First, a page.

December 16, 2015- House of Representatives announces fiscal year 2016 Omnibus spending bill
Here are a few highlights related to Agricultural research spending and the Child Nutrition bill for which reauthorization was delayed.
"Agricultural Research – The bill provides $2.94 billion for agricultural research programs, including the Agricultural Research Service (ARS) and the National Institute of Food and Agriculture. Increased funding is provided to help stop and mitigate devastating crop diseases, improve food safety and water quality, and address issues related to drought, invasive species, and animal health. Within this amount, the bill includes $350 million for the Agriculture and Food Research Initiative for competitive agricultural research grants, $212 million to rehabilitate high-priority ARS facilities, and funding to maintain important investments in the nation’s land-grant colleges and universities"
School Meals: Flexibility describes the language in the Omnibus bill related to school meals. Flexibility in the whole grain and sodium requirements.
Here are excerpts from the Omnibus Summary from Chairman Hal Rogers.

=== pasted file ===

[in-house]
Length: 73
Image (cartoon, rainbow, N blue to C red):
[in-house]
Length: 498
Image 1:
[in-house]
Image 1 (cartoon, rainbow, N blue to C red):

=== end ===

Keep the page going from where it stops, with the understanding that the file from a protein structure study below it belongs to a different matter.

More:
Child nutrition programs – The bill allows $22.1 billion in required mandatory funding – which is outside the discretionary funding jurisdiction of the Appropriations Committee – for child nutrition programs. Of this amount, $30 million is directed to help schools purchase needed equipment to operate the program. This funding will provide for an estimated 7.8 billion school breakfasts, lunches and snacks for 31 million children who qualify for the program.
A provision that provides flexibility to local schools to implement whole grain nutrition standards if the school can demonstrate a hardship when procuring whole grain products.
A provision that ensures further reductions in new school nutrition sodium standards will not take effect until supported by scientific studies.
Dietary Guidelines for Americans 2015- Sustainablility Cut from consideration of guidelines:
A provision that ensures the final 2015 Dietary Guidelines for Americans are based on significant scientific agreement and are focused on nutritional and dietary information, and a provision requiring a review of the Dietary Guidelines process to ensure a balanced and scientific process in the future.
Find out more at the House of Representatives Ag Appropriation website.